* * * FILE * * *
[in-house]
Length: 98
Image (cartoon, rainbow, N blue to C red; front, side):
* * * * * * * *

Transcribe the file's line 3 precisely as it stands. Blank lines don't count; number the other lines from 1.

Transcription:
Image (cartoon, rainbow, N blue to C red; front, side):